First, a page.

Pinching Pennies UK Style

Robert Farago
by Robert Farago

While American automakers struggle to find something small and profitable to sell, the UK has been forcing people into teeny tiny passenger cars for decades. As a result of high gas prices, speed camera fines, insurance, VAT, insane repair and maintenance rates and motoring taxes that would make an American drive his car straight into Boston harbor, British motorists can choose from a huge range of really small, really slow, really frugal cars. AutoExpress, which never met a car it didn’t want to take home to mother, offers a run-down on its top five four-wheeled “penny pinchers.” Despite the fact that some American pistonheads [claim to long] for small, cheap, fun, Euro-style cars, the chances of these glacial yet parsimonious machines making it In The Land of the Free are somewhere between “not on your Nelly” and “only when U.S. gas prices triple.” Still, it’s nice to know they’re out there, somewhere.

Robert Farago
Robert Farago

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  • Psarhjinian Psarhjinian on Sep 18, 2008
    I think auto trannies are partly to blame…they tend to require more power in order to be usable, and since most Americans want autos, the engines have to grow to maintain that sense of speed and power (even if the car never breaks 4k RPM). My parents had a Toyota Van (1988, aka the box the Previa came in). One hundred horses, four-speed automatic, not terribly light. In the city, fine. On the highway, sucktastic, but that was to do with a car that was 70 inches tall, 180 inches long with an 88 inch wheelbase, not the speed. I think that we got spoiled for power, and you can lay the blame on two cars: the 3.9L GM W-Bodies and the Nissan Altima 3.5SE. Both cars upped the power ante significantly--and more importantly, as their raison d'etre--and consumers bought it lock, stock and barrel. Perfectly good cars like the Mazda6 and Ford Fusion suddenly seemed outclassed, despite having enough power for the class maybe a year or two earlier. And thus began an arms race that has given us a Toyota-friggin'-Camry that can kiss six seconds to sixty. There were Ferraris that would have had trouble with that time not but ten or fifteen years earlier. Why, in the name of god, do you need a Camry that can do that? If your highways are so bad that merging requires near-supercar levels of power, then I think we need to get police out on the onramps busting unsafe drivers.
  • Sean362880 Sean362880 on Sep 18, 2008
    austinseven - When in Rome! The VW diesel is no slouch and I’ll take you on in your Chrysler300 over the one lane roads in the Lake District in a 1 litre, 3 cylinder Astra and leave you wallowing about, way behind. Make mine an SRT-8 and you're on. We all know that power isn't everything, but it's a lot. It's a childish, amusement park, instant gratification kind of reward when you mash the go pedal and the car responds RIGHT NOW. It's great for selling cars, not so good for your gasoline bill. It takes more work, more attention, and more skill to get that kind of enjoyment out of an underpowered (for today) car. Sometimes it's worth it, sometimes it isn't. In the case of the 1-liter 3-cylinder Astra vs. 6-liter SRT-8, I'll take the double bacon cheeseburger with extra mayo.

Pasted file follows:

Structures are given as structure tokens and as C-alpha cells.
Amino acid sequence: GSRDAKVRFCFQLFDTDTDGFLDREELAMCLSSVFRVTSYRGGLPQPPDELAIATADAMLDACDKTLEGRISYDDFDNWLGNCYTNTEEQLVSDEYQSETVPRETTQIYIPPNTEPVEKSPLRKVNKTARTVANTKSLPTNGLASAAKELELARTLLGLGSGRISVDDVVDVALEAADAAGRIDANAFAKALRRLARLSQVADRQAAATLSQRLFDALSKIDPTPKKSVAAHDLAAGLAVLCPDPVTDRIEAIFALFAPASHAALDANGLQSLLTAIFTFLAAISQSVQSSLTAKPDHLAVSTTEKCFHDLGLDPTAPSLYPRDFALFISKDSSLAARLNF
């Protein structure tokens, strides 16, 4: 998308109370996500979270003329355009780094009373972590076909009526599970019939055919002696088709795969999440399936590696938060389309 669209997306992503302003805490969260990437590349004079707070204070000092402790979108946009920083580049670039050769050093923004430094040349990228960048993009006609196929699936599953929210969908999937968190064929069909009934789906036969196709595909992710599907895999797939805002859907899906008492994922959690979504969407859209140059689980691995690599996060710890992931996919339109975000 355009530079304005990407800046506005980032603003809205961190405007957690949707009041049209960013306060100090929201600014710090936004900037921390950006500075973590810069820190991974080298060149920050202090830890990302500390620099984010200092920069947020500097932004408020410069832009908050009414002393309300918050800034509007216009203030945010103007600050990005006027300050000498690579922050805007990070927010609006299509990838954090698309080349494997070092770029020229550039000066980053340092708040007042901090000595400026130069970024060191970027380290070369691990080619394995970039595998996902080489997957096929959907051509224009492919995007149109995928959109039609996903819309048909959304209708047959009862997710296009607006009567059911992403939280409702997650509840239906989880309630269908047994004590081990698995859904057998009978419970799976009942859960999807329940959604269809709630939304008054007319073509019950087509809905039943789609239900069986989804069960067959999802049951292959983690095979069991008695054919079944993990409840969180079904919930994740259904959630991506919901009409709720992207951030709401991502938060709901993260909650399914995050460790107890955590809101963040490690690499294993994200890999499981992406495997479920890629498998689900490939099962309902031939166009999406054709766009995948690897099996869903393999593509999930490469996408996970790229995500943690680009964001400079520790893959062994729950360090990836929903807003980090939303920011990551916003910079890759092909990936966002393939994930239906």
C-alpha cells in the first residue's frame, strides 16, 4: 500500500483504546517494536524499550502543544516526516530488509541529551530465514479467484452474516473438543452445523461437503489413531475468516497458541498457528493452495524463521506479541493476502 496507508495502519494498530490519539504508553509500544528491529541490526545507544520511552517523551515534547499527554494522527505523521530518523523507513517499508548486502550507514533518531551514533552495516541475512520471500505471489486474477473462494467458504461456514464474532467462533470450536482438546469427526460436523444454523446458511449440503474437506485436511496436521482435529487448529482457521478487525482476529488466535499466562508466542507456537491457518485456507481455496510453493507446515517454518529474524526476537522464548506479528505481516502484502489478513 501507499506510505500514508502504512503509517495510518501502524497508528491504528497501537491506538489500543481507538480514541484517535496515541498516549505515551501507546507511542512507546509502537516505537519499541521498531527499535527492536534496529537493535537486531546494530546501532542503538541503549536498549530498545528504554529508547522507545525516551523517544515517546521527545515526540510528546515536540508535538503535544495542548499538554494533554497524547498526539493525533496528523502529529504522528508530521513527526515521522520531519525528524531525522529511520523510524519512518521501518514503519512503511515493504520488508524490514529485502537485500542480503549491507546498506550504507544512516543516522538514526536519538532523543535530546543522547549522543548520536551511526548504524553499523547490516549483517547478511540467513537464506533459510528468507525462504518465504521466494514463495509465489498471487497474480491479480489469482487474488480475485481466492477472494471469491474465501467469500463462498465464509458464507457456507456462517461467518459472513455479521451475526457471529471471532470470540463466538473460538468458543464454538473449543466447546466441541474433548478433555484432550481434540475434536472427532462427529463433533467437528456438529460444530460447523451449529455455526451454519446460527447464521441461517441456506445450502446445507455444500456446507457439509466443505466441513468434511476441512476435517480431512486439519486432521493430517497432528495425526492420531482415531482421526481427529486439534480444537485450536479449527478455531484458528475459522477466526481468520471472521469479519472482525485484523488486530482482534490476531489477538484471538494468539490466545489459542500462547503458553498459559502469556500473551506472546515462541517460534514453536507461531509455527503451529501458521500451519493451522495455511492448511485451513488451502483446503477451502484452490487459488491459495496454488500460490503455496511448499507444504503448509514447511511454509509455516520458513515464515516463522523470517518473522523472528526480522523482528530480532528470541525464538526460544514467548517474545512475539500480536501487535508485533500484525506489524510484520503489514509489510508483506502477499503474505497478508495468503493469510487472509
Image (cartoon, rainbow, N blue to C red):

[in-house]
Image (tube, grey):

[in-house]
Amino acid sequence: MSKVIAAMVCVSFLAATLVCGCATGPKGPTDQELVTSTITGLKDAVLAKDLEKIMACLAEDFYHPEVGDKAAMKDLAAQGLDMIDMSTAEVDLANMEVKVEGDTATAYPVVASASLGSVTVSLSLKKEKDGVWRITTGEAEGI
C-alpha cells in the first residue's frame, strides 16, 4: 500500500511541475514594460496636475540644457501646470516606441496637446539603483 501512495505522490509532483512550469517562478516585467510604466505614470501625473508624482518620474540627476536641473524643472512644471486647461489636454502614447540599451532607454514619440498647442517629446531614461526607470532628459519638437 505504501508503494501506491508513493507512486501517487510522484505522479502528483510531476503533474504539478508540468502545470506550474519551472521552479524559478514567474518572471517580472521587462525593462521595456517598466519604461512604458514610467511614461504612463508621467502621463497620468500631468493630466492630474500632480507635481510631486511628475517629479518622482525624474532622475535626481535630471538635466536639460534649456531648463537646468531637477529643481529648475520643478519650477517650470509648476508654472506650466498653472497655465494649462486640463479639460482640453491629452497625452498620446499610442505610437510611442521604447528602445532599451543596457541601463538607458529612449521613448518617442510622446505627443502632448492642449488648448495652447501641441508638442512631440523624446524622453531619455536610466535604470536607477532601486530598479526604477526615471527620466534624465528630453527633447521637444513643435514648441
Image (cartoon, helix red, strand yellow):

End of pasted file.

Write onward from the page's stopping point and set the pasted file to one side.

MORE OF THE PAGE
• Psarhjinian Psarhjinian on Sep 18, 2008
    We all know that power isn’t everything, but it’s a lot. It’s a childish, amusement park, instant gratification kind of reward when you mash the go pedal and the car responds RIGHT NOW. I think the problem isn't the existing og big engines, but the paucity of small ones. We don't have the option to buy more economical, smaller-engined vehicles even if we wanted to, and the reason we don't is because it messes with the artificial cost/price structure that the manufacturers have maintained. Again, it's like the "wagon vacuum:" you cannot sell a Camry wagon for five to ten thousand more than a Camry sedan, but you can sell a Venza or Highlander for that kind of money. Similarly, you cannot get a 1.0L Honda Fit, or a 1.8L Camry because Honda and Toyota would have trouble making margin on them (if they undercut the current base models) or couldn't move the expensive ones (if they just boosted the price of the bigger-engined cars accordingly). And no manufacturer is going to be the first to blink. Well, maybe Kia might...
  • Joeaverage Joeaverage on Sep 18, 2008

    At the same time manufacturers seem to spend a little extra time leaving out an extra bumper cover crease or finding the plainest hubcaps to put on their cheapest cars to penalize the consumer who buys one. The only truly beautiful cars are the most expensive ones. No folks, I have seen alot of really nice looking cheap cars - just not in America. Cheap does not have to equal plain and boring. I motivate around with 115HP in a 2800 lb car. I wish it was a 2000 lb car but I'll deal with it. 90 HP and 2000 lbs used to do just fine right up to 125 mph on the autostradas of Italy. My 900cc Autobianchi A112E would run about 80-85 if I dared. Am hoping that one of these days the American male insecurity about the size of your male parts as related to the size of your engine or vehicle will passs. Hopefully smarter people will be born. No wait - to have "sophsisticated tastes" is to be a pansy too isn't it? There is truly no hope... Seriously what really worries me are the women who are buying into this. Do we really need the other sex to buy into this nonsense too?